Integrity Legal

17th January 2017

It recently came to this blogger’s attention that law enforcement authorities are set to shortly begin implementation of electronic monitoring of suspected criminals who have been released on bail. In a recent article in The Nation it was noted that the initiative has begun in an effort to create a more equitable system for accused defendants who seem to fall in a sort of middle category between those accused of minor offenses and those accused of more serious violations of the law. Those who are unable to make bail and looking at trial for offenses carrying less than a 5 year sentence are eligible to be released provided that such defendants are tracked using an ankle monitoring device similar to those used in the USA, UK, and other western countries.

Thailand has had issues with prison overcrowding in recent years and this initiative seems to be aimed at reducing prison populations while also providing a degree of leniency for those who cannot afford to pay bail. It should be noted that the use of these devices in limited release scenarios is entirely at the discretion of the judiciary. In most cases involving foreign nationals facing trial in Thailand it appears that bail may be the best option of ensuring release as it seems this particular initiative is intended to provide assistance to indigent Thais accused of relatively minor offenses. For more information on criminal law pertaining to foreign nationals in Thailand please see: Thailand Criminal Lawyer.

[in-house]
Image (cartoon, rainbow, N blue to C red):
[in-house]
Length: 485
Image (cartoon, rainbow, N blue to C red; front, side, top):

Meanwhile, in other news it appears the Thai passport has declined somewhat in the global ranking of passports based upon visa-free and visa-on-arrival numbers. Thailand fell behind some other countries as the Thai passport’s relative options for visa free travel to other countries decreased. However, Thailand’s passport remains one of the most flexible travel documents among the ASEAN (Association of Southeast Asian Nations) countries. It should be noted that as of the time of this writing Thailand is not on the list of countries that the United States of America allows to utilize the visa waiver program. As a result, all Thai nationals wishing to travel to the USA must obtain a US visa before traveling. For some, this requirement can be rather cumbersome especially in light of the more stringent application of section 214(b) of the United States Immigration and Nationality Act. This section in conjunction with doctrines such as the doctrine of Consular Absolutism makes getting into the USA on a non-immigrant visa very difficult for some Thai passport holders.


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